It is no small matter for the CEO of the Port of Seattle to publicly offer that they are potentially considering the shutdown of operations at Terminal 46. In light of efforts to build an arena in Seattle's SoDo neighborhood to bring the NBA back to the Emerald City, as well as court the NHL, this is a rather significant -- and perhaps, beneficial -- admission.
On Wednesday, the March 2016 issue of Seattle Business magazine was released, featuring a profile of Ted Fick, who was hired by the Port to run its business in September 2014. In the profile, when asked about upgrades to Port terminals to handle so-called "mega ships," Fick offered this choice curious insight:
The Port of Seattle expects to invest as much as $300 million to convert Terminal 5 on Harbor Island for the big ships, while Tacoma intends to make its Terminal 4 a mega terminal. "We also are looking at improving container terminals in both harbors to accommodate up to the 18,000- to 20,000-TEU ships being built today," says [Port of Tacoma CEO John] Wolfe. TEUs are 20-foot equivalent units, a method of measuring cargo capacity.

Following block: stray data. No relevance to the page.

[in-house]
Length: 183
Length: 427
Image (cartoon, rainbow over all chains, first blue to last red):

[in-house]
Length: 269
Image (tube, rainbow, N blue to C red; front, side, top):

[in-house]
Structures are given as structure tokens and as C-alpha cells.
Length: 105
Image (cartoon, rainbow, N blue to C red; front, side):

New, highly automated terminals planned for Harbor Island, Fick observes, will likely be able to handle virtually all of Seattle’s container traffic volume and could lead the alliance to shut down Terminal 46, near the SoDo-Stadium district, when Hanjin Shipping Co.’s lease ends in 2025. But Fick and the Port may have other plans for the area. Asked about Terminal 46, Fick says cautiously that he would more likely be a buyer than a seller.
Fick inherited a public relations battle with the City of Seattle and supporters over the proposed Seattle Arena project. Butted against SoDo and the Stadium District, the 82-acre Terminal 46 along Seattle's waterfront has long been the point of contention in the Port's opposition of the arena. Container traffic from the busy terminal, the Port argues, would be negatively affected by the influx of event attendees at the new arena, crippling not just the city's economy but the state's.
An environmental impact statement prepared for the arena project found that the Port's transportation operations would be minimally impacted by event traffic.